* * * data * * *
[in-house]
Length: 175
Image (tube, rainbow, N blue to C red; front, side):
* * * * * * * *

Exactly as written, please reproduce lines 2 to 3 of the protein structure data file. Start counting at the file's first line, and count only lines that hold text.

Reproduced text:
Length: 175
Image (tube, rainbow, N blue to C red; front, side):